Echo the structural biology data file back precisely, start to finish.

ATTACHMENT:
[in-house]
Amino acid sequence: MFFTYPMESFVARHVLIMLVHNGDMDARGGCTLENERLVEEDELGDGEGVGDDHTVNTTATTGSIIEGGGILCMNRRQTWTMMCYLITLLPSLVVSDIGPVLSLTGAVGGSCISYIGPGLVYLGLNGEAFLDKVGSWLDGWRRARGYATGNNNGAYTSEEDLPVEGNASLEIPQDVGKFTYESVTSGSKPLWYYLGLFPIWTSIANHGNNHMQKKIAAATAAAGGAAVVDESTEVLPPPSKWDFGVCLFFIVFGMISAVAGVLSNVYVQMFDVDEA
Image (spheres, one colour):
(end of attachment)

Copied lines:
[in-house]
Amino acid sequence: MFFTYPMESFVARHVLIMLVHNGDMDARGGCTLENERLVEEDELGDGEGVGDDHTVNTTATTGSIIEGGGILCMNRRQTWTMMCYLITLLPSLVVSDIGPVLSLTGAVGGSCISYIGPGLVYLGLNGEAFLDKVGSWLDGWRRARGYATGNNNGAYTSEEDLPVEGNASLEIPQDVGKFTYESVTSGSKPLWYYLGLFPIWTSIANHGNNHMQKKIAAATAAAGGAAVVDESTEVLPPPSKWDFGVCLFFIVFGMISAVAGVLSNVYVQMFDVDEA
Image (spheres, one colour):